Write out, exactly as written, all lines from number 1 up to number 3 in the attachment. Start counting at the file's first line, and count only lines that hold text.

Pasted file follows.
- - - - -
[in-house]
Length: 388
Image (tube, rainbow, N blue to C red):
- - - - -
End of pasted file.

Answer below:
[in-house]
Length: 388
Image (tube, rainbow, N blue to C red):